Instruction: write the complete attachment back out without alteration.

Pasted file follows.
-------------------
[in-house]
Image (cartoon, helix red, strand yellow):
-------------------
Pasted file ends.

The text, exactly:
[in-house]
Image (cartoon, helix red, strand yellow):